The Saint of the Day
St. Ardalion, April 14
Prof. Plinio Corrêa de Oliveira
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Ardalion was a jester, a burlesque player, who was suddenly converted during a performance while he was ridiculing a Catholic. He died a martyr around the year 300.
Comments of Prof. Plinio:
This man was a kind of clown and was on stage making a parody of Catholic doctrine. Divine grace touched his soul at that moment. His conversion was profound. He immediately announced that fact to his audience, was arrested and then died a martyr defending the very truth that he had mocked before.
What is there in this life that relates to us? There are some very important things.
First is the profound change of his life, a coherent and logical change. Ardalion was a very bad person who fell so low that he was blaspheming publicly. He was, then, one of those cold souls whom God hates, but who are not so odious as those tepid ones which He vomits from His mouth. At a certain moment, this man received an extraordinary grace, corresponded to it, and in that instant changed completely. He was very bad - and he became excellent. This quality of going to the final consequences of a received grace is what we call coherence. One of the consequences of coherence is to defend the Catholic cause against its enemies. He did this when he died a martyr witnessing his Faith.
Therefore, the combativity that should be a characteristic of Catholics in our difficult times, not only to die as a martyr but also to live as a crusader, is a consequence of coherence. So here is a point where St. Ardalion can help us if we pray to him.
Second, I would like to take another lesson from his life, that is, the strength of divine grace. Many times we see persons who come slowly to the path of Truth, ambling along the many curves with numerous crises and risks. But at times we see sudden and complete conversions. These rapid conversions are not the normal ones; the gradual conversion is what is normal. The sudden conversions are difficult to explain from the psychological point of view, and for this reason they serve to prove the power of God.
Alphonse Ratisbonne was converted in a moment when Our Lady appeared to him at Sant' Andrea delle Fratte in Rome
God can do everything when a person decides to be with Him. He can “change a stone to a son of Abraham,” to use a metaphor from Scriptures. He can transform a very bad man to an excellent man, if the man concurs with Him. God exercises this power on behalf of prayers that are made to Him.
If we pray, especially if we pray to Our Lady asking her to intercede for us, she can obtain one of these conversions, and make one of us as coherent and saintly as St. Ardalion was. In a single moment a grace can come and change one of us in a way that makes him the opposite of his bad side, so that the best aspirations of his soul are realized.
These sudden graces are the fruit of long prayers. A man converts suddenly, but someone else has offered sacrifices for him, immolated himself or herself for him, prayed for him for long years. This good person saw the other going the wrong way, becoming worse, wandering far from God, and finally, losing the hope of salvation. That good person, however, did not despair. He or she was always there – praying and offering sacrifices. At a certain moment, the bad person converts.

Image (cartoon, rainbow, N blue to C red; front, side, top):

This was what happened in the parable of the prodigal son, who had traveled far from his father’s house. So far that he was reduced to eating the food of the pigs. Then, at a certain moment, he converted.
At times in History, this kind of conversion took place not only with individuals, but also with whole groups or even with peoples. These mass conversions were numerous in the Apostolic times, and also at the beginning of the Middle Ages. The conversion of Clovis and his Franks is an example.
At the dawn of the Reign of Mary, in this phase when the Reign of Mary has not yet been established but is still germinating, we need to ask for these graces, these lightning graces that instantaneously convert men and peoples - in order to change the direction of History. It is not difficult to realize that with this supernatural help, we will win the battle that we need to win. We are living in an epoch of great adversities, and God will, through Our Lady, prepare great deeds.
The Saint of the Day features highlights from the lives of saints based on comments made by the late Prof. Plinio Corrêa de Oliveira. Following the example of St. John Bosco who used to make similar talks for the boys of his College, each evening it was Prof. Plinio’s custom to make a short commentary on the lives of the next day’s saint in a meeting for youth in order to encourage them in the practice of virtue and love for the Catholic Church. TIA thought that its readers could profit from these valuable commentaries.
|Prof. Plinio Corrêa de Oliveira|| |
The texts of both the biographical data and the comments come from personal notes taken by Atila S. Guimarães from 1964 to 1995. Given the fact that the source is a personal notebook, it is possible that at times the biographic notes transcribed here will not rigorously follow the original text read by Prof. Plinio. The commentaries have also been adapted and translated for TIA’s site.
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